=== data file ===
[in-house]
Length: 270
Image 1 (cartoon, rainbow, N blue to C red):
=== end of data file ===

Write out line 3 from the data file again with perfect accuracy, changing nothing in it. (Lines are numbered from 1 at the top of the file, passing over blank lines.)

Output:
Image 1 (cartoon, rainbow, N blue to C red):